Sándor Márai: Consciousness of Reality, Creator of History shows the way Márai builds a series of characters based on Divorce in Buddha, instead of the concept of historical novel. Thanks to their connection between consciousness and reality, these characters are able to recognize themselves in the confessional space and they are regarded as representatives of unofficial history.
The circumstance that the text of Imre Lakatos' doctoral thesis from the University of Debrecen did not survive makes the evaluation of his career in Hungary and the research of aspects of continuity of his lifework difficult. My paper tries to reconstruct these newer aspects of continuity, introducing the influence of László Kalmár the mathematician and his fellow student, and Sándor Karácsony the philosopher and his mentor on Lakatos' work. The connection between the understanding of the empirical basis of (...) exact ideas—which is a common feature in the papers of the members of the Karácsony-circle—and Lakatos' way of thinking regarding mathematics is more direct and can be documented through his connection to Kalmár. The central element of Lakatos' philosophy of mathematics is criticism of formalism and his tendency is to use the empirical view. Discussions at the 1965 International Colloquium in the Philosophy of Science in London were very helpful in clarifying the quasi-empirical conception. Kalmár's lecture in London, based on one of his papers published by Karácsony in 1942, emphasized the empirical character of mathematics. After this colloquium some elements of the heritage of the Karácsony-circle were integrated again in the development of Lakatos' way of thinking. First I will analyze the Kalmár lecture of 1965 at the Colloquium of Philosophy of Science and Lakatos's reflections on the problem of the foundation of mathematics. Then I will present their common Hungarian background, their education and the beginning of their career, which have many important common features; third I draw attention to the network of contacts of Karácsony-disciples. (shrink)
In the present paper we show that any at most countable linearly-ordered commutative residuated lattice can be embedded into a commutative residuated lattice on the real unit interval [0, 1]. We use this result to show that Esteva and Godo''s logic MTL is complete with respect to interpretations into commutative residuated lattices on [0, 1]. This solves an open problem raised in.
The relationship existing between science and psychoanalysis has long been tense, critical, even hostile. Andre Haynal addresses this relationship by examining three questions: how is psychoanalytic "knowledge" established? what methodology and epistemology underlie psychoanalytic theory? and what are the historical circumstances that have shaped psychoanalysis? Haynal is familiar with the full spectrum of analytic thought and begins with a systematic discussion of analytic theory. The second part of the book covers a series of historical topics and includes discussions of Freud (...) and his relations with his followers. A chapter on Freud and his "favorite disciple," Sandor Ferenczi, is an engrossing account of the complex intellectual and personal connection the two men shared. (shrink)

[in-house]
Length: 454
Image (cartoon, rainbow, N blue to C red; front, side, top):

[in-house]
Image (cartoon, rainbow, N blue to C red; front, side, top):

The studying of Marx, said Gyorgy Lukäcs at the beginning of the 1920s, does not mean the uncriticised recognition of the results of his researches, nor the set in well-defined theses, the interpretation of a book. One has to become absorbed in the ceuvre of Marx, so that then, as a second step, one can commence the systematic elaboration of the problems of our age. It is unjust that in western philosophies, especially in the Anglo-Saxon concerning literature the (...) name of the old-age Lukäcs does not appear, or is present as that of some Stalinist inquisitor, the indisputable pillar of Marxism and the Bolshevik movement. Yet his late piece of labour, his vast ontology experiment convincingly shows how one can penetrate the original texts of Marx and at the same time preserve one's conceptual souvereignity, sense of reality, and one's capacity, at least in a latent way, to judge or surpass the thoughts of one's master. This study aims to interpret the problem of Lukäcs's relation to Marx through the analysis of the labour concept of Lukäcs, and would like to prove that the rereading of Lukäcs (and Marx) can serve with surprises, new meanings and morals even today. (shrink)
In the interest of moving conflict resolution toward reconciliation, theorists have turned to René Girard whose understanding of scapegoating and imitative desire acquires special importance. But Girardian thinking offers no unique ethical solution, and so theorists have turned to Emmanuel Levinas for such an account. Four ideas especially from Levinas appear helpful: his criticism of totality (and, concomitantly, his substitution of the idea of the infinite); the face as an opening (or gateway) to the infinite; the Other (or other individual) (...) and my infinite (or unlimited) responsibility toward her (or him); and language as the dire as opposed to the dit, the saying (or “to say”) as opposed to the said, as one modality in which this openness to the other individual takes place. Combining Girard’s analysis of the sacrificial with Levinas’s analysis of the ethical may offer conflict resolution theorists an account as thoroughgoing and as old as Biblical scripture, and one to which, in the interest of moving toward reconciliation, they would do well to pay heed. (shrink)